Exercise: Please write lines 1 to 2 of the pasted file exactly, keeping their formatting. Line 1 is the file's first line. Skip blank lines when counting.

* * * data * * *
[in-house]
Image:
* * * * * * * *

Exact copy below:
[in-house]
Image: